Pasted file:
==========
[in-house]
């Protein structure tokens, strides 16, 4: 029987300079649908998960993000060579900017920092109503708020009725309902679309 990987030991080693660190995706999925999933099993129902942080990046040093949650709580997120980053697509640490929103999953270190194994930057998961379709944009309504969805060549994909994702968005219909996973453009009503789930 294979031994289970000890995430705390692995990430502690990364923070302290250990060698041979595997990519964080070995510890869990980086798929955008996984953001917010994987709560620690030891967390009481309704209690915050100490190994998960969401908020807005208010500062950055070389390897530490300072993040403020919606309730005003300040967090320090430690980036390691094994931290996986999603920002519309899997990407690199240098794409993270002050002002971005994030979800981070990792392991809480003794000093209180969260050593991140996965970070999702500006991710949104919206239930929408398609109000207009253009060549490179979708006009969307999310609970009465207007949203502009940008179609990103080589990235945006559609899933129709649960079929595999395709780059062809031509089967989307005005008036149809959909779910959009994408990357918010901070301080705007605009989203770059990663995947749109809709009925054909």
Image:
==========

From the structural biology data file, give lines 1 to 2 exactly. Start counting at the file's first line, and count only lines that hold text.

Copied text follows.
[in-house]
């Protein structure tokens, strides 16, 4: 029987300079649908998960993000060579900017920092109503708020009725309902679309 990987030991080693660190995706999925999933099993129902942080990046040093949650709580997120980053697509640490929103999953270190194994930057998961379709944009309504969805060549994909994702968005219909996973453009009503789930 294979031994289970000890995430705390692995990430502690990364923070302290250990060698041979595997990519964080070995510890869990980086798929955008996984953001917010994987709560620690030891967390009481309704209690915050100490190994998960969401908020807005208010500062950055070389390897530490300072993040403020919606309730005003300040967090320090430690980036390691094994931290996986999603920002519309899997990407690199240098794409993270002050002002971005994030979800981070990792392991809480003794000093209180969260050593991140996965970070999702500006991710949104919206239930929408398609109000207009253009060549490179979708006009969307999310609970009465207007949203502009940008179609990103080589990235945006559609899933129709649960079929595999395709780059062809031509089967989307005005008036149809959909779910959009994408990357918010901070301080705007605009989203770059990663995947749109809709009925054909």